However, Fleck and her team do not have to search for them themselves. The main supplier for the paint producers is Erich Schopf. As a “bacteriographer”, the Viennese has been collecting microorganisms for decades. They are used, for example, for artistic purposes – for painting pictures. “For us, the bacteriograph collection, which is probably unique in the world, is an absolute stroke of luck,” emphasizes Fleck.
The start-up immediately unleashes the bacterial strains on various textile fibers in order to test the dyeing effect and to be able to identify affinities for certain fibers. Promising candidates are genetically identified. The requirements are high: “Today, colors are perfectly matched to the fibers. In addition, they must work together with a large number of improvers and additives that provide crease protection or greater durability, for example,” says Fleck.
Microorganisms with high potential are being researched in detail. How can the trunk be optimally cultivated? How to maximize color production? And how should the final product be chemically formulated? Many questions of this kind need to be answered. Even if genetically modified microbes deliver a maximized color output in the future, Fleck assures that there will always be an offer for customers who want to do without this form of genetic engineering. The research of the start-up is supported by the Austria Wirtschaftsservice (AWS) and the FFG funding agency, among others.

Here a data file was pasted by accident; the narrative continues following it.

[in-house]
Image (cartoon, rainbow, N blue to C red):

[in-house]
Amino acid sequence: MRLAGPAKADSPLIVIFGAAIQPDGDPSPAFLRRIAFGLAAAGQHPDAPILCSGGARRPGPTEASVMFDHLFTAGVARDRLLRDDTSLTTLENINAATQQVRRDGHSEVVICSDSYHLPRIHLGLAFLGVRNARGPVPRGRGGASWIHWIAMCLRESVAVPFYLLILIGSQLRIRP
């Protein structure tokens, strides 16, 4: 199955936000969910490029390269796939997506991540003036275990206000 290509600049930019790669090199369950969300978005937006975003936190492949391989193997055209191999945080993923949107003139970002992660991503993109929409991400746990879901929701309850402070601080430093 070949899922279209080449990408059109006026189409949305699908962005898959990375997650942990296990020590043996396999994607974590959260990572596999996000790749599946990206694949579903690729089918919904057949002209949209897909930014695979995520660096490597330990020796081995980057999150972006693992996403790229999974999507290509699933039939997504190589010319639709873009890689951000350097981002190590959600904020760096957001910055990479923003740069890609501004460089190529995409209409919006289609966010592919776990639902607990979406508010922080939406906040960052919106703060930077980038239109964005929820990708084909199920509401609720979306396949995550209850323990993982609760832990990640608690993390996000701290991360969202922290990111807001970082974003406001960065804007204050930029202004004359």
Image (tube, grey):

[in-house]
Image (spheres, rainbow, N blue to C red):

Great demand from the textile industry
“In the end, there should be products that can be used in many different areas of future textile production,” Fleck sums up. With an emphasis on “future”: “The technologies used are currently undergoing major changes. For example, new, particularly water-saving processes are being developed for a more efficient dyeing process,” explains the founder. It is important to be prepared for this future.
Fleck cannot complain about a lack of interest in the textile industry. “Although we don’t have a certified product yet, the industry is already giving us a lot of support. There are more projects than we can handle,” explains the founder. “It’s an exciting exchange that – also compared to my previous job in the energy industry – is very feminine. Sometimes ten female technicians sit at the conference table.”
Clothing for space
The use of microorganisms as a production system in the VTL is not limited to textile dyes. Projects that the start-up has implemented with the space agency ESA, to which Austria’s Ministry of Climate Protection also makes annual financial contributions, and the Austrian Space Forum (ÖWF) give a foretaste. The focus was on functional substances that have an antiviral or antimicrobial effect – after all, there is no washing machine for astronaut clothing. Laundry is worn for a long time and then thrown away.
“It was about the innermost layer of space suits. The textiles should have an antimicrobial function so that they don’t get dirty as quickly,” says Fleck. Biotechnological research aims to master the challenges of advanced space travel. “It’s about how materials can be produced in space or on other celestial bodies that are produced on Earth using petrochemistry. Because there is no crude oil on Mars.”